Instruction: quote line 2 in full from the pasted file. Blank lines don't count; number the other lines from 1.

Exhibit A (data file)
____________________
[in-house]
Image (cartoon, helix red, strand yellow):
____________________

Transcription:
Image (cartoon, helix red, strand yellow):